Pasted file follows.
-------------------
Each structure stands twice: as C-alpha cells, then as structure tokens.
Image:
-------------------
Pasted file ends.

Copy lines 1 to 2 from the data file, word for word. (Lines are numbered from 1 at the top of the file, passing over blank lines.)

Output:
Each structure stands twice: as C-alpha cells, then as structure tokens.
Image: